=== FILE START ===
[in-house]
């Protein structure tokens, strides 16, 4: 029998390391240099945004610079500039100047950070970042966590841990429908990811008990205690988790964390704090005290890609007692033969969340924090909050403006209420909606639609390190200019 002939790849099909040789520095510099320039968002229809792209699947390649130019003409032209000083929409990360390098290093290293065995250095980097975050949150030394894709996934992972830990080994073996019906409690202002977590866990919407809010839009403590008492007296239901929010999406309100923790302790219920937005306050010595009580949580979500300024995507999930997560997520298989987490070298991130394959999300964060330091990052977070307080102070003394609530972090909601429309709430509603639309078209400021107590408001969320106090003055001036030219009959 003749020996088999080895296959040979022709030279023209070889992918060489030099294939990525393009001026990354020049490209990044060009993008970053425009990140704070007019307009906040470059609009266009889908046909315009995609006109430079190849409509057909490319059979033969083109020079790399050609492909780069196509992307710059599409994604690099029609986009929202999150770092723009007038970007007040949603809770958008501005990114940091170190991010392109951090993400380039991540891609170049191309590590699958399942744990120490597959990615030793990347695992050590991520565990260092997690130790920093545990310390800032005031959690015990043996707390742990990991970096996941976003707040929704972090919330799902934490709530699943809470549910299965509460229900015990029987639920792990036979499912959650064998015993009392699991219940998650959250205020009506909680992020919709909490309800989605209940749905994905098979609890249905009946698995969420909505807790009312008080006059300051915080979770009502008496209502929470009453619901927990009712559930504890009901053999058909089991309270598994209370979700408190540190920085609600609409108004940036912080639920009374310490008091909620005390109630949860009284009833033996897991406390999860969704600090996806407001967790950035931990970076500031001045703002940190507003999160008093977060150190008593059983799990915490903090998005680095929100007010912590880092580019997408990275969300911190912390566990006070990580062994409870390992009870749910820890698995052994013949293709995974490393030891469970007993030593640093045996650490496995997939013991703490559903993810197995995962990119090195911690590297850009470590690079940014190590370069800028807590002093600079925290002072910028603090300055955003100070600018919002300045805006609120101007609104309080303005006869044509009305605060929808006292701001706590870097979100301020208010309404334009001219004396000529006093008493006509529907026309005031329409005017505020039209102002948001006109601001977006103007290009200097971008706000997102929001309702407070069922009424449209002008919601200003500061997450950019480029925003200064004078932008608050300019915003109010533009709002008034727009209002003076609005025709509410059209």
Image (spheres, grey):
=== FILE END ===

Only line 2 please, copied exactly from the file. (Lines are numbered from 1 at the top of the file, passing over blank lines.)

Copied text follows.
């Protein structure tokens, strides 16, 4: 029998390391240099945004610079500039100047950070970042966590841990429908990811008990205690988790964390704090005290890609007692033969969340924090909050403006209420909606639609390190200019 002939790849099909040789520095510099320039968002229809792209699947390649130019003409032209000083929409990360390098290093290293065995250095980097975050949150030394894709996934992972830990080994073996019906409690202002977590866990919407809010839009403590008492007296239901929010999406309100923790302790219920937005306050010595009580949580979500300024995507999930997560997520298989987490070298991130394959999300964060330091990052977070307080102070003394609530972090909601429309709430509603639309078209400021107590408001969320106090003055001036030219009959 003749020996088999080895296959040979022709030279023209070889992918060489030099294939990525393009001026990354020049490209990044060009993008970053425009990140704070007019307009906040470059609009266009889908046909315009995609006109430079190849409509057909490319059979033969083109020079790399050609492909780069196509992307710059599409994604690099029609986009929202999150770092723009007038970007007040949603809770958008501005990114940091170190991010392109951090993400380039991540891609170049191309590590699958399942744990120490597959990615030793990347695992050590991520565990260092997690130790920093545990310390800032005031959690015990043996707390742990990991970096996941976003707040929704972090919330799902934490709530699943809470549910299965509460229900015990029987639920792990036979499912959650064998015993009392699991219940998650959250205020009506909680992020919709909490309800989605209940749905994905098979609890249905009946698995969420909505807790009312008080006059300051915080979770009502008496209502929470009453619901927990009712559930504890009901053999058909089991309270598994209370979700408190540190920085609600609409108004940036912080639920009374310490008091909620005390109630949860009284009833033996897991406390999860969704600090996806407001967790950035931990970076500031001045703002940190507003999160008093977060150190008593059983799990915490903090998005680095929100007010912590880092580019997408990275969300911190912390566990006070990580062994409870390992009870749910820890698995052994013949293709995974490393030891469970007993030593640093045996650490496995997939013991703490559903993810197995995962990119090195911690590297850009470590690079940014190590370069800028807590002093600079925290002072910028603090300055955003100070600018919002300045805006609120101007609104309080303005006869044509009305605060929808006292701001706590870097979100301020208010309404334009001219004396000529006093008493006509529907026309005031329409005017505020039209102002948001006109601001977006103007290009200097971008706000997102929001309702407070069922009424449209002008919601200003500061997450950019480029925003200064004078932008608050300019915003109010533009709002008034727009209002003076609005025709509410059209």